Bottom line, the NFT market is currently a wild-west landscape of minimal regulation and oversight, and buyers looking to “invest” in NFTs should be on their guard. … 
So, while blockchain generally, and cryptocurrency specifically, does afford some opportunities for people previously excluded from or disadvantaged by traditional gatekeepers, like banks, or art dealers, it affords even more opportunities for people who are already economically and technologically privileged, and well-situated to exploit the disruptions created by new mediums of exchange. … 
At the end of the day, in crypto, as with any area of practice (tourism, fashion, construction), we can ask how to make it less destructive through better design, or carbon offsets, or tweaking the chain of production. But in the end, we need to consider whether the best way to limit impact is to simply do less: less travel, fewer new purchases, more adaptive reuse of existing things, whether that’s clothing or buildings. In the case of crypto, we may need to ask whether the costs simply outweigh the benefits. What can the blockchain do, uniquely, that can’t be done as well and more sustainably by traditional systems? Is cryptocurrency more accessible, equitable, and efficient than traditional fiat currency, especially if those traditional dollars can be moved around via simple digital platforms like Venmo or Paypal? … 
Is the nature and impact of crypto (NFTs and cryptocurrencies) consonant with your organization’s mission and values? … Be aware that whatever decision you make will be examined by the public. Even people with only the haziest understanding of NFTs may be aware that they are “not green." …
Are you primarily interested in NFTs because they are new and exciting, or is the format a natural fit for a particular project or theme in your collections and research? For example, the Whitworth museum at the University of Manchester issued an NFT based on William Blake’s Ancient of Days as a way to test alternative models of financing social practice. … (The museum also chose to issue the NFT on a proof-of-stake network to minimize the associated energy consumption.)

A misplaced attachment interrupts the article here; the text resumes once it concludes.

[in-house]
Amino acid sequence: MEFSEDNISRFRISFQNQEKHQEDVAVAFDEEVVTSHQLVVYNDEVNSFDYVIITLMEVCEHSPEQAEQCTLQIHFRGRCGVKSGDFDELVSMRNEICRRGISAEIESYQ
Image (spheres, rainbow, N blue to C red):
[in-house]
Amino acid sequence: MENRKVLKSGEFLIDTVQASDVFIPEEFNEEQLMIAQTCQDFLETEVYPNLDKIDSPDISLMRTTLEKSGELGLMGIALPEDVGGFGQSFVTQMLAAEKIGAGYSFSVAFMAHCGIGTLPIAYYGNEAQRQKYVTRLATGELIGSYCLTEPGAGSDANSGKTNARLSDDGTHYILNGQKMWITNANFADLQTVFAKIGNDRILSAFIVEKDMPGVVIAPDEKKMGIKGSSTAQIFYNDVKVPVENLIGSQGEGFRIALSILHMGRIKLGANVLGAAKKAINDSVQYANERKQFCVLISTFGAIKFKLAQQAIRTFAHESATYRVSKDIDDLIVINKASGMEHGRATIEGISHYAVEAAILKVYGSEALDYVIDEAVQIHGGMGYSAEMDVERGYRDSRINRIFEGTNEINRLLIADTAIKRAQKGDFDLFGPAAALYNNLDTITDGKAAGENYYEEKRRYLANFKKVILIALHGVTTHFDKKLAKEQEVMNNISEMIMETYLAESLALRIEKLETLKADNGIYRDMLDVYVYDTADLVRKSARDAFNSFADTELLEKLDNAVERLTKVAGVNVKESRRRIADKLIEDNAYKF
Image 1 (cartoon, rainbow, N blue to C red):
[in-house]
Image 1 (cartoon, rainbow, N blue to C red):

… it’s worth asking how, beyond seeming cool, that makes the opportunity to support the museum more equitable or accessible to the community it serves.

As usual, Merritt lays out the key decisions from a complex discussion.

As an org-culture geek, I'm personally more interested in DAOs than NFTs, but as so much of the DAO conversation ends up with NFTs and other monetization angles (especially for museums and artists), it's hard to disentangle the two. I'll make an effort in the next month or two to focus just on DAOs in the museum sector.

I hope you enjoyed the links!

If you're reading this and not a subscriber to Museum Human, consider signing up for a free subscription below—it's the only way to read the site's longer weekly post on the organizational culture of cultural organizations and to learn about upcoming special subscriber-only events like the first Museum Human live chat, coming later this month. Thank you for reading!

cover photo by Yohann Lc / Unsplash [description: a hand holding a metallic line with small glowing disks, against a sea at sunset]

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Links of the Week: March 18, 2022: Stay NiFTy by Robert J Weisberg is licensed under a Creative Commons Attribution-NonCommercial-ShareAlike 4.0 International License.